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NFL offseason once again shows how insanely team-friendly Patriots QB Tom Brady’s contract is

The league’s best quarterback plays on arguably the league’s most cost-efficient deal.

What do Matt Stafford, Ryan Tannehill and Andy Dalton have in common? Neither of them have been able to lead their respective teams to a postseason victory. Oh, and all three are scheduled to have higher salary cap hits than five-time world champion and reigning Super Bowl MVP Tom Brady.

Stafford, Tannehill and Dalton are just three of a staggering 21 quarterbacks who are currently scheduled to have a higher cap hit than Brady. The New England Patriots’ quarterback – unless he re-structures or extends his contract yet again – will weigh on his team’s salary cap with a hit of $14.0 million.

This puts him at the number 22 on the list of highest quarterback cap hits, right between the Chicago Bears’ Jay Cutler ($14.3 million) and the Cleveland Browns’ Robert Griffin III ($8.7 million), per Safe to say that neither of the two are in a league with Brady – and the same can be said about most if not all of the 21 quarterbacks who are projected to have higher cap hits next season.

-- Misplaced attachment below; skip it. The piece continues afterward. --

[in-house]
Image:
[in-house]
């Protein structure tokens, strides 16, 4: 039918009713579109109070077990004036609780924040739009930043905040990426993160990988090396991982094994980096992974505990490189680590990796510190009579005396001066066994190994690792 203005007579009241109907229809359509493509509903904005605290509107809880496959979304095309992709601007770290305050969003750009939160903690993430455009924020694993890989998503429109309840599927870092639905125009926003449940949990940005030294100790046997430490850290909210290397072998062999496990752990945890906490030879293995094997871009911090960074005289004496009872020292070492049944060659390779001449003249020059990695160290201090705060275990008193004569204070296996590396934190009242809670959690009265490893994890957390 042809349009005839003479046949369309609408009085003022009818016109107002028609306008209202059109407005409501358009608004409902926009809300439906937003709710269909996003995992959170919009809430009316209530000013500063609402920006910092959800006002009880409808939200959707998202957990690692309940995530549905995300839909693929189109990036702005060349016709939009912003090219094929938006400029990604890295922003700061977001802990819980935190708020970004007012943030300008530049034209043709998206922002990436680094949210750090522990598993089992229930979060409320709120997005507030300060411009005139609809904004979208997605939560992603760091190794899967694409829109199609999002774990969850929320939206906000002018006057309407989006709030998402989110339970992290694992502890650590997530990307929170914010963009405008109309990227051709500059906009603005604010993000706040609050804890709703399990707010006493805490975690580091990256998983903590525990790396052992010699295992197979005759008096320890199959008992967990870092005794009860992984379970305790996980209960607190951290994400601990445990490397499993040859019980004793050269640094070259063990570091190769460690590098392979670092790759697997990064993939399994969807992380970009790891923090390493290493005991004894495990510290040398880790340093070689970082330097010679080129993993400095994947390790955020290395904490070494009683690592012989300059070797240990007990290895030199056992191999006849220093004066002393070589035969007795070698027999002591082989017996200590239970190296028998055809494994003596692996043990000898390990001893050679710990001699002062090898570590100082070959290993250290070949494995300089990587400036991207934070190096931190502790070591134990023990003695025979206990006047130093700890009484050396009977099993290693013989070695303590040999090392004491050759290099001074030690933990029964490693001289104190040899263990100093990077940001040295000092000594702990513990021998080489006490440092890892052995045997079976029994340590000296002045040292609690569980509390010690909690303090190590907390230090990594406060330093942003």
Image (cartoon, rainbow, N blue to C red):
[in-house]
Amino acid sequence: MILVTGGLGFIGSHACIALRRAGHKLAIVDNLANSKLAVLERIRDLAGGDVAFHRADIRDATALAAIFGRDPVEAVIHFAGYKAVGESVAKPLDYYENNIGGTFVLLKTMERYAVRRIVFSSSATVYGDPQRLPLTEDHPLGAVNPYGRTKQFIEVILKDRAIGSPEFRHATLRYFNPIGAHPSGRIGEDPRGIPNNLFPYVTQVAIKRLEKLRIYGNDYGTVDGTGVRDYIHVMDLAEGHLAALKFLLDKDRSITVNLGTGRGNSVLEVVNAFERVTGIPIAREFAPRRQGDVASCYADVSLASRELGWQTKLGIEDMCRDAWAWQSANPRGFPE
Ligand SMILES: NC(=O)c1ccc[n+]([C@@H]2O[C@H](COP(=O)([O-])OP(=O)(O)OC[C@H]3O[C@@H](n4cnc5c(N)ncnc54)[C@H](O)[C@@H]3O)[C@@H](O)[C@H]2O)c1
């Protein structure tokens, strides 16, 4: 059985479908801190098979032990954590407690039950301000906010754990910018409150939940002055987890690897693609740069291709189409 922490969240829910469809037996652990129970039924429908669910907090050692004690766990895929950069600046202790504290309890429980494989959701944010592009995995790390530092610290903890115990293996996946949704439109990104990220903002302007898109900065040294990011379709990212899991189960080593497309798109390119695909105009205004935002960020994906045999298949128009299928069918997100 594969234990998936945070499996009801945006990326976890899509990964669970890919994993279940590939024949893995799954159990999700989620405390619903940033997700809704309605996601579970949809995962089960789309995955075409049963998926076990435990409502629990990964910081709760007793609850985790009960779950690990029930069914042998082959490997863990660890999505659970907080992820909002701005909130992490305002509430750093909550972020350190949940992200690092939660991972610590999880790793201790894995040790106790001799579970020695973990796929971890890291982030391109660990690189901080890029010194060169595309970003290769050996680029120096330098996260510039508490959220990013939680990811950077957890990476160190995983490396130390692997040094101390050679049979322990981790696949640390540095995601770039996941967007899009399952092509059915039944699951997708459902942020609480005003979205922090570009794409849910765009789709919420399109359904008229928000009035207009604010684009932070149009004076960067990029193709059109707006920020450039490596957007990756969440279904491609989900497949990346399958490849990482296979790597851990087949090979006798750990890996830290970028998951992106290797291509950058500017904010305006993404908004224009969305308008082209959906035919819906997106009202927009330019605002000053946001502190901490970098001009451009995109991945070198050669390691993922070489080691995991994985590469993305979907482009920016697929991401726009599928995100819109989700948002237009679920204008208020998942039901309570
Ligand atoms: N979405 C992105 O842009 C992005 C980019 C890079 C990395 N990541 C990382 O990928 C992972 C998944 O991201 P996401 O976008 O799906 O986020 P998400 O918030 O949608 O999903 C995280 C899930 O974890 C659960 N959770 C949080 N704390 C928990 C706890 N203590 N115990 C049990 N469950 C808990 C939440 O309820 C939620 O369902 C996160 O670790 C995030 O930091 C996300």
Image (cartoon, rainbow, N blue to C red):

It also can be said about one Mr. Mike Glennon, who is reportedly expected to sign a free agency contract at a yearly value of around $14/$15 million. Depending on the structure of such a deal, it would likely exceed Brady’s 2017 salary cap hit as well – putting the level of team-friendliness of the most decorated passer to ever step on a football field even more into perspective.

Brady, of course, has re-worked his contract multiple times over the past few years. And while he signed the richest quarterback deal in NFL history in 2010, his contracts have been among the most cost-efficient in the league. His current deal, which was signed last offseason and extended Brady through the 2019 season, is no different.

It also makes Brady the NFL’s biggest bargain, especially considering how the positional market is developing and how teams are spending crazy amounts of cash and draft capital on quarterbacks. Brady and New England have generally avoided this ever since he joined the team in 2000. And it helped the franchise build a deep roster around its best player year in and year out.

It remains to be seen if a team that potentially signs Mike Glennon – he of 11 pass attempts over the last two seasons – to a deal averaging $14 million per season will be able to do the same. The outlook of that happening, though, is not so good.